The disciples had a reason to be locked in a room, afraid.
Our reasons to live in fear are also—at times—valid.
How often the contemporary church finds itself behind closed doors, fearful and ineffectual, living on the wrong side of the resurrection. The problems are so vast and the enemy so overwhelming and all the talk about Jesus seems futile. What can be done but hide in the sanctuary discussing how desperate the situation is?
Jesus doesn’t admonish the disciples for their lack of faith but meets them in their fear.
Jesus meets us in the midst of our fear, doubt, and confusion too.
message both of forgiveness and warning, of faith that confronts and conquers doubt, and of hope that overcomes fear (verse 19). We go out, in fact, as people of new creation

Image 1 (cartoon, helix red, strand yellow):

We new-creation people are to fill our lungs with Jesus’ powerful breath, to fill our minds with the truth of his resurrection, to fill our hearts with love for him and his world, and to go out, not knowing where we shall go or what we shall do, but only that a new day has begun which will never end. We are to remind ourselves, again and again, that the love which was shown on the cross (revealed once more here in the mark of the nails, verse 20) is the same powerful love that will carry us forward, through all the suffering and sorrow that we too will meet, to the point where not only we, but a great company that nobody could count, will say ‘My Lord and my God’. There are, as John says, many other things that he could have written in this book. But this is enough: enough for us, and for the world, to believe, to find life. Easter life. Here and now.